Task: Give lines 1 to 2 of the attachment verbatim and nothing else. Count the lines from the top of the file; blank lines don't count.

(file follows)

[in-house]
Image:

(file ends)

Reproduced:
[in-house]
Image: